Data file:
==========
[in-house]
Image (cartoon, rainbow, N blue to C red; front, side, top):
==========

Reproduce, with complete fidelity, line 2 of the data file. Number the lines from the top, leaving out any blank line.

Image (cartoon, rainbow, N blue to C red; front, side, top):